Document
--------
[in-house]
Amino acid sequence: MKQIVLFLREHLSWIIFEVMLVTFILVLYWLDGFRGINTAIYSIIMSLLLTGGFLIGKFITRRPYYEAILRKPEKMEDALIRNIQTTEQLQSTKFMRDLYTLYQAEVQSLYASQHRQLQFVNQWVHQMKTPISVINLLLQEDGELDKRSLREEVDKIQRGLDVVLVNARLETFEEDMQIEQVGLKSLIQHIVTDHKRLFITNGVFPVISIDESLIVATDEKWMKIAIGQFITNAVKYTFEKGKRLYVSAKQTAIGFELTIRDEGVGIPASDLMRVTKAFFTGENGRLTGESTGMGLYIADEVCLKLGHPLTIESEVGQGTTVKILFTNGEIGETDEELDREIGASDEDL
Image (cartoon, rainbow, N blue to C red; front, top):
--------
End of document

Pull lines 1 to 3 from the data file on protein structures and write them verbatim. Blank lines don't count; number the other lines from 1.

[in-house]
Amino acid sequence: MKQIVLFLREHLSWIIFEVMLVTFILVLYWLDGFRGINTAIYSIIMSLLLTGGFLIGKFITRRPYYEAILRKPEKMEDALIRNIQTTEQLQSTKFMRDLYTLYQAEVQSLYASQHRQLQFVNQWVHQMKTPISVINLLLQEDGELDKRSLREEVDKIQRGLDVVLVNARLETFEEDMQIEQVGLKSLIQHIVTDHKRLFITNGVFPVISIDESLIVATDEKWMKIAIGQFITNAVKYTFEKGKRLYVSAKQTAIGFELTIRDEGVGIPASDLMRVTKAFFTGENGRLTGESTGMGLYIADEVCLKLGHPLTIESEVGQGTTVKILFTNGEIGETDEELDREIGASDEDL
Image (cartoon, rainbow, N blue to C red; front, top):